For many, the historic day was four years ago, but much like the president, for me, it was a new day and a second chance to get it right. I’d completely missed the first inauguration, having been at work and preparing to go on vacation later that week with my then-boyfriend. The next day, the one person whom I was eager to discuss it with had passed away; born and raised in segregated south, my adoptive mother was never more excited than when Obama was elected POTUS. Upon seeing her number on my ringing phone, I excitedly answered “I was wondering when you’d call!” only to hear my sobbing brother on the other end of the line. The next few days… months… years… were a blur, but the regret of never having that moment with her was never clearer. So this year, I got to have that moment for her.

Even with the bittersweet taste of my latest adventure, the unimaginable joy of living in that moment — whether in tribute or transition — leaves me hungry for whatever comes next.

And so, I’ll continue following my heart and my gut to these unknown places. If the track record thus far is any indication, it looks like I’m in for an amazing trip.

 

As Time Goes By…

I’m not sure why… but years ago, I used to give decorative wall clocks as wedding gifts. Ironic, seeing I was often “punctually challenged” when it came to being places by force.

Anyway, these large timepieces would always be accompanied with poems I’d written about time being spent together… or something or another.

To this day, I’m not sure if the intent was to be clever and thoughtful about getting them to cherish every moment in each other’s company, or if I was just giving them a very large stopwatch to count the minutes before they decided they made an error in judgement.

In any case, my gifts these days tend to veer toward monetary contributions and an occasional “honeymoon accessory”.

For some reason, back then, I was more obsessed with how other people used their time on this earth, and less focused and ultimately more wasteful of my own time on this planet. As people grew up, grew stronger, grew apart, grew to know more and grew to care less… I grew jaded, fearful, and distant from everything I wanted in life.

Not to say a whole hell of a lot has changed — I’m still a work in progress — but I’m chipping away new things every day. There is a certain freedom and pleasure in knowing and being true to ones self, and not being afraid to go against the grain to become the masterpiece you always knew you could be. I’m just more cognizant of the fact that there is, in fact, a timetable to make it happen. Whether we like it or not. We all have a deadline.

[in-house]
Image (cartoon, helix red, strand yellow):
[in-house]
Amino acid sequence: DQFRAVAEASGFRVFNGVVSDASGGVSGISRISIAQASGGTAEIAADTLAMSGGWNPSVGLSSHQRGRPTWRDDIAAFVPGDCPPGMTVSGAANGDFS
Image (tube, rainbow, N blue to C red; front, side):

As I stare down the barrel of the shotgun that is my impending 37th birthday, it’s becoming clearer to me why elders are often more ornery and impatient; the older you get, the more precious time becomes. Why would you want to waste any minute of your life doing things you don’t want to do or be around people who don’t respect you, share your views, or make your life easier and more pleasant to endure?

This past Thanksgiving was special for me in the realization of just how fortunate I am, and how valuable each moment is. To commemorate this re-devotion to making every moment count, I’ve been opening my mind to new things once again. I signed up for a race with some girlfriends, and thanks to the good people at LivingSocial, I’m going to shoot a gun and take an aerial circus class. I’m also trying to recruit my cousin in Philly to jump out of a plane with me, but if she chickens out, I’ll have an extra photographer for when I do it (or someone who can immediately contact our relatives from the scene to alert them of my demise).

The point is, as I get older, life get shorter. Perhaps I may live a long healthy existence well into my golden years, but each passing day is one less (and more) opportunity to do something different and new to create fabulous memories. Granted, I’ve already amassed some great moments in my lifetime thus far, but there’s always room for another.

After reading “Grace: A Memoir” by Grace Coddington, I realized that I’ve got another thirty years before I can become the comfortably settled woman the fiery Ms. Coddington has become. Which means I have plenty of time to spend many nights at crazy parties with a cast of characters in the fashion, art and entertainment industry and shack up with dubious men of foreign descent.

Oh wait… I’ve already done these things.

Let’s just start with the race, the plane dive, the air twirling and the gun, and see where the rest of the new year takes me…

Either way, I’ll embrace every minute as if it were my last.